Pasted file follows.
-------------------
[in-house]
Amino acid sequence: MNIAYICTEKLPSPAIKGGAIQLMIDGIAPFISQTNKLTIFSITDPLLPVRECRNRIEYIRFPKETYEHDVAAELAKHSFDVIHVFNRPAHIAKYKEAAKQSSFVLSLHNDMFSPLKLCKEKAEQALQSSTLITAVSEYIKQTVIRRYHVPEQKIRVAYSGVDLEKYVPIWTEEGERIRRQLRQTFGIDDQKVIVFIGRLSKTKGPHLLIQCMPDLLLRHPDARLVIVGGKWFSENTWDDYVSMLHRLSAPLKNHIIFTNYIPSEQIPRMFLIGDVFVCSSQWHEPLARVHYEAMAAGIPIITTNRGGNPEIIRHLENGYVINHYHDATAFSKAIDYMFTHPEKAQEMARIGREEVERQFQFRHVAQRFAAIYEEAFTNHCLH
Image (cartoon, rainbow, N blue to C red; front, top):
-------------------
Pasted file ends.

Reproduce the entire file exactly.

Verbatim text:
[in-house]
Amino acid sequence: MNIAYICTEKLPSPAIKGGAIQLMIDGIAPFISQTNKLTIFSITDPLLPVRECRNRIEYIRFPKETYEHDVAAELAKHSFDVIHVFNRPAHIAKYKEAAKQSSFVLSLHNDMFSPLKLCKEKAEQALQSSTLITAVSEYIKQTVIRRYHVPEQKIRVAYSGVDLEKYVPIWTEEGERIRRQLRQTFGIDDQKVIVFIGRLSKTKGPHLLIQCMPDLLLRHPDARLVIVGGKWFSENTWDDYVSMLHRLSAPLKNHIIFTNYIPSEQIPRMFLIGDVFVCSSQWHEPLARVHYEAMAAGIPIITTNRGGNPEIIRHLENGYVINHYHDATAFSKAIDYMFTHPEKAQEMARIGREEVERQFQFRHVAQRFAAIYEEAFTNHCLH
Image (cartoon, rainbow, N blue to C red; front, top):